Shanghai Cinemas to Receive $2.5M in Government Subsidies

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A Wanda cinema in China

The modest support measures come amid reports that thousands of movie theaters in China are in danger of permanent closure.

Cinemas in China's commercial capital of Shanghai are set to receive $2.5 million (18 million yuan) in government stimulus funds. The modest lifeline comes amid persistent reports that thousands of movie theaters in China are in danger of permanent closure.

The Shanghai Municipal Film Administration on Wednesday released a list of 345 cinemas that will receive a share of the subsidies. The amount of funds received will depend on each company's 2019 box office sales total and the number of screens in operation. The companies on the list range from small scale cinemas to sprawling multiplexes.

The theatrical film sector is hurting worldwide because of COVID-19-related business closures, but the damage has cut deeper in China than anywhere. China's vast network of 70,000 movie screens went into lockdown in late January, months ahead of similar shutdowns in North America. And while multiplexes across the U.S., Europe, Australia, Japan are either already reopen or working towards a scheduled reboot, Chinese theaters remain in limbo.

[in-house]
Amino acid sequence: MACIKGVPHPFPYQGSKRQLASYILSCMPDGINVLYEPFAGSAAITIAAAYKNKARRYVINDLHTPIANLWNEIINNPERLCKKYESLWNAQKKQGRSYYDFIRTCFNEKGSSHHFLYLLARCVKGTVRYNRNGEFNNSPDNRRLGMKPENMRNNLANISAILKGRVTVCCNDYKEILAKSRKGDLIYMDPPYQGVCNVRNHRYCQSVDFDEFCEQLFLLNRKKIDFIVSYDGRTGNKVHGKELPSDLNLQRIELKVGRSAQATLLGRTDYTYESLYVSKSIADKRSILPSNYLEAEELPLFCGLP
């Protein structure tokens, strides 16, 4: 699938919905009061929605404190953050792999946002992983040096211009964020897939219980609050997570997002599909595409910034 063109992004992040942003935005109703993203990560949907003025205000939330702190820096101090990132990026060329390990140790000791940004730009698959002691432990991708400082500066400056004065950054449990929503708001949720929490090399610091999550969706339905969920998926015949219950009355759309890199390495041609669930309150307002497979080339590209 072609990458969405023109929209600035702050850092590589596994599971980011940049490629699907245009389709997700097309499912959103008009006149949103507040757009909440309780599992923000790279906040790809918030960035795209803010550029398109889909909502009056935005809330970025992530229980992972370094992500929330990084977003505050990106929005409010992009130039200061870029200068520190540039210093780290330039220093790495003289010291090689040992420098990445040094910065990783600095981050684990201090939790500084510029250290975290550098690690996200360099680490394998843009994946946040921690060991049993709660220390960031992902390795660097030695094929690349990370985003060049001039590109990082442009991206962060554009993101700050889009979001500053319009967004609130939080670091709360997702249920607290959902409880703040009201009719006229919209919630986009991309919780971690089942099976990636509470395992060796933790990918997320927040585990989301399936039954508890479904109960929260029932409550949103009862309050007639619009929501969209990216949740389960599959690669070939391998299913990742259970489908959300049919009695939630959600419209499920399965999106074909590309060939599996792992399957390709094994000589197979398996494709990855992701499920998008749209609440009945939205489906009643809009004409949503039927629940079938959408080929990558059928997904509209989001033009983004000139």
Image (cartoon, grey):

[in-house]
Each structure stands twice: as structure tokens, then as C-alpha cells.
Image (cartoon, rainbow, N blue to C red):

In early May, China's State Council announced that indoor entertainment facilities, including cinemas and live music venues, could resume business nationwide. But a brief flareup of coronavirus transmission in Beijing in early June cast an instant and ongoing chill over the reboot plan. Recent reports speculating that the Shanghai International Film Festival might be held in late July have renewed hopes that theaters could finally get the green light, but China's film bureau has remained mum on the matter.

Meanwhile, theater operators' financial woes continue to mount. "Although not one movie has been screened, we still face expenditures incurred by our regular maintenance of equipment and the disinfection of movie halls," Song Lihua, manager of a Shanghai Film Co. cinema, told Xinhua Wednesday.

In April, China's film bureau promised to aid the industry with tax relief measures for production, distribution and exhibition companies. But local film executives continue to complain privately that government support has been woefully in adequate in light of the scale of the crisis their industry is facing.

A survey produced this spring by China Film Association found that over 42 percent of top cinema chains are facing serious challenges — including potential closure — due to COVID-19-related business suspension. The results suggested that as many as 28,000 screens could be affected.